The Fish and Game Commission is giving itself another 90 days. Wildlife officials believe California will host a functional gray wolf population within 10 years.
Source of this article: The Los Angeles Times, April 17, 2014
The California Fish and Game Commission on Wednesday postponed a controversial decision on whether to afford gray wolves protection under the state’s Endangered Species Act, giving itself another 90 days to consider the matter.
The decision regarding listing was prompted by the arrival in late 2011 of a young male gray wolf in Northern California. Wildlife officials believe that the wolf, known as OR-7, has established most of its home range in Oregon but makes regular forays into California, where it was known to be as recently as February.
Wolves historically ranged widely in California. But by the late 1920s they had been hunted and trapped to the point that none was known to populate the state.
The Department of Fish and Wildlife,however, has estimated that it is reasonable to conclude California will host a functional wolf population within 10 years.
The question before the commission is how to manage the wolves — as a threatened or endangered species with prohibitions against hunting or capture, or as a non-game species that can be killed under some circumstances. The state also could fashion a hybrid plan that stopped short of listing but still offered protections.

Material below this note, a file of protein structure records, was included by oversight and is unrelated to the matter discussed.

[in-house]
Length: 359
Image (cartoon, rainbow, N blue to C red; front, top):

A group of stakeholders has been meeting for more than a year, working to advise California officials on a management plan that would be acceptable to conservation groups as well as livestock and hunting interests.
State Fish and Wildlife officials in February submitted a 255-page wolf status review that recommended against listing, advice the commission appeared to be prepared to take. But members deferred the vote when it was pointed out that even as some 60 members of the public signed in to voice an opinion Wednesday, many interested Northern California residents had been unable to attend the meeting.
Complicating the state’s decision is a pending proposal from the U.S. Fish and Wildlife Service to remove protections for all gray wolves in the lower 48 states. That decision is not expected to come until sometime next year.
Should federal protections be dropped, California has the authority to ensure the wolves’ safety even if they are not listed as a state-protected species, said Chuck Bonham, director of the Fish and Wildlife Department.